Gov. Martin O'Malley plans to make one of his closest advisers the new insurance commissioner, a job that could play an integral role in efforts to expand health insurance coverage and maintain the availability of property coverage in risky coastal zones.
O'Malley will appoint Ralph S. Tyler III, a former Baltimore City solicitor who is now the governor's legal counsel, officials said.
Tyler gained prominence last year as the public face of O'Malley's lawsuit against the Public Service Commission over its failure to hold hearings on a 72 percent Baltimore Gas and Electric Co. electricity rate increase.
"Ralph Tyler has been a great consumer advocate in the office of the mayor and certainly advocated very well for the citizens in the debate with the PSC over electric rates," said House Speaker Michael E. Busch. "Hopefully, he'll take the same attitude when he goes to the insurance administration."
Tyler said last night that he appreciates "this opportunity the governor has given me to serve the citizens of Maryland in an important position."
Tyler, 60, is known for his booming voice and aggressive courtroom advocacy, but his new job will make him more of a judge than a litigator. He will be responsible for interpreting the limits of insurance coverage, deciding on the legitimacy of rate increase requests and adjudicating disputes between consumers and insurers.
The commissioner's office also is a conflict point between trial lawyers and the insurance industry.
Representatives of the two sides were guarded in their comments yesterday because they will have to appear in front of Tyler, but his appointment was generally seen as a boon to the lawyers.
The PSC case - which Tyler won - wasn't his only high-profile public trial. As an assistant attorney general in 1995, he argued for the state in its defense against Republican gubernatorial candidate Ellen R. Sauerbrey's challenge to the 1994 election result. He won that one, too.
Before that, he represented the Baltimore Department of Social Services in its case against Jacqueline Louise Bouknight, a mother who had abused her child and refused to tell a judge where he was. She spent seven years in jail for civil contempt, which legal scholars said at the time was unprecedented.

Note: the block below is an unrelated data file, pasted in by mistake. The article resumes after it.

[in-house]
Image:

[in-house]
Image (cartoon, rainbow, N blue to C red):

Tyler worked for the state attorney general's office from 1982 to 1996, the last decade as chief of litigation.
He worked for eight years at the Baltimore firm Hogan & Hartson before becoming city solicitor. His appointment as insurance commissioner will require state Senate approval, which is expected.
A native of Cleveland, he attended the University of Illinois and the Case Western Reserve University School of Law. The Ralph S. Tyler Jr. endowed chair in constitutional law at Harvard Law School is named for his father, an attorney in Cleveland. Until recently, it was held by Laurence Tribe.
Tyler will step into an office that has swung back and forth between the two sides in recent years, with industry advocates claiming a heavy pro-consumer bias under Democratic former Gov. Parris N. Glendening and consumer advocates claiming a pro-industry bias under Republican former Gov. Robert L. Ehrlich Jr.
Del. Warren E. Miller, a Howard County Republican, said that if the commissioner sides too heavily with consumers, insurance companies will stop writing policies in the state.
"I hope we don't go back to the days where the regulator was wanting something for free," Miller said. "You have to be fair and balanced."
Sen. Thomas M. Middleton, a Southern Maryland Democrat and chairman of the committee that handles insurance issues, said the Ehrlich administration's focus on increasing competition in the state's insurance market was good but went too far.
"Under the Ehrlich administration, I think things might have gotten a little out of balance right from the get-go," Middleton said.
"The role of the insurance commissioner is to be balanced."
Bryson F. Popham, a lobbyist who represents insurance clients, said many of the big issues facing the office revolve around health insurance.
If the state moves toward a universal coverage plan like the one Massachusetts enacted recently - something in which O'Malley has expressed interest - the insurance commissioner could play a strong role in developing a consumer-oriented insurance marketplace.
Popham said the commissioner will also be on the front lines of interpreting a new law allowing consumers to recover damages, expenses, litigation costs and interest in cases where insurance companies failed to act in good faith.
Tyler will also be faced with a market in which property insurers have moved to limit their liability along the Atlantic Coast and in some cases along the Chesapeake Bay for fear of extensive and costly hurricane damage.
"The primary job of the insurance commissioner is to be sure that companies that are licensed to do business in Maryland remain solvent ... but consumer protection is just as important," Popham said.
"I agree that those appear to be competing concerns."